17 October 2005
DAILY REVIEW FROM TATARSTANDay Of Memory Held In Kazan
The Day of Memory -- which commemorates Kazan defenders who died during the city's conquest by Ivan the Terrible in 1552 -- was held in Kazan on 15 October, RFE/RL's Kazan bureau reported the same day. Representatives of Bashkir, Chavash, and Mari national movements arrived in Kazan to join the event. Tatar State Council Committee Chairman Razil Weliev, a former deputy in the State Duma; Tatar Latin Front leader Fendes Safiullin; Tatar Public Center Chairman Telget Bariev; writer Rabit Batulla; and actors Renat Tajetdin and Nail Dunai spoke at the meeting on Freedom Square. Tatar nationalist movement leader Feuziye Beiremova criticized the recently published draft concept of Russia's national policy, which promotes a dominating role for Russians among Russia's other ethnicities. Beiremova charged that hundreds of Tatar Muslims have been imprisoned and are being persecuted and tortured. Tatars are currently subject to the same policy they were 453 years ago, she concluded. Participants then marched in downtown Kazan to the Soembike Tower in the city's �kremlin� and prayed in the Qol Sherif Mosque.
Municipal Elections Valid In All Districts
Turnout in Tatarstan's municipal elections on 16 October totaled 60.4 percent, intertat.ru reported the same day, citing Central Election Commission Secretary Valentina Kamenkova. In Kazan, the turnout totalled roughly 40 percent while in some rural districts it reached 90 percent. The 20 percent minimum was exceeded in all 999 municipal entities. Some 9,800 candidates competed for 8,058 offices.
Tatneft May Retake Control Of Ukrtatnafta
The Ukrainian Constitutional Court on 13 October annulled the transfer of 43 percent of Ukrtatnafta to Naftohaz Ukrayiny, "Kommersant-Volga-Ural" reported on 15 October. The stake will instead be passed to Ukraine's State Property Fund, which will sell it in an auction. The previous month, Ukraine's Supreme Economic Court invalidated the purchase of 18 percent of Ukrtatnafta by the Swiss AmRuz Trading AG and the U.S. SeaGroup International, which are Tatneft's affiliates. A FGI spokesperson told the daily that the fund plans to sell 61 percent of Ukrtatnafta for at least $500 million. Meanwhile, AmRuz and SeaGroup have appealed the verdict. The next hearing on the appeal is slated for 17 October. Meanwhile, Ukrtatnafta Observers Council chairman and Tatarstan's first deputy Prime Minister Rawil Moratov told the daily that Tatneft will likely seek to purchase the stake.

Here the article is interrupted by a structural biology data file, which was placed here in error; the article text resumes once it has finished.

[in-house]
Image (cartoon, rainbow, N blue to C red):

Budget Deficit To Total 1 Billion Rubles
Tatar Finance Minister Radik Gaizatullin presented on 14 October Tatarstan's draft 2006 budget at a session of the State Council Committee on Economy, Investments, and Entrepreneurship, RFE/RL's Kazan bureau reported the same day. Gaizatullin said the current budget differs from previous ones because of a significant increase in allocations for the sociocultural sphere and support for municipal budgets. According to the draft, income will total 51.4 billion rubles ($1.8 billion) while expenses will reach 52.4 billion rubles. The maximum budget deficit is estimated at 1.4 billion rubles. Growth of gross regional product is expected to total 6.5 percent. Transfers from the federal budget will total 9 billion rubles, of which 6.8 billion rubles will come under the federal program on socioeconomic development of Tatarstan until 2006. Some 28.4 billion rubles, or 72 percent of the republican budget, will be spent in the sociocultural sector.
DAILY REVIEW FROM BASHKORTOSTANTatar Rights Movement Opposes Obligatory Teaching Of Bashkir
Cewdet Gilecetdinov, chief executive of the World Tatar Congress office in Bashkortostan, told an RFE/RL Ufa correspondent on 14 October that he considers the revised republican law on education to "violate all international norms."
This statement was backed by the republic's Tatar rights movement, which strongly criticized the introduction of obligatory Bashkir language lessons in local schools because, critics say, the legislation infringes on the rights of numerous non-Bashkir nationals. Meanwhile, Ayrat Giniyatullin, leader of the Tatar Public Center in Bashkortostan, and the deputy chairman of Tatar ethnic and cultural autonomy, Mecit Khucin, told RFE/RL the same day that they would consider it normal to make Bashkir language lessons for school children optional.
Ufa Wants To Be Older Than Kazan
Following this year's celebrations of the Kazan millennium anniversary, the World Bashkir Congress initiated a conference discussing the age of Bashkortostan's capital, Ufa, on 14 October, a local RFE/RL correspondent reported the same day.
According to Bashkir researchers cited at the conference, Ufa is thought to be older than the current estimate of 430 years. Further planned research is reportedly compromised by the unwillingness of local construction companies to allow archeological work at sites occupied by new buildings in Ufa.
These reports have led to a number of local media outlets, most of them Bashkir-speaking, to suggest that Ufa is older than the 1,000 year-old Kazan.
Compiled by Iskender Nurmi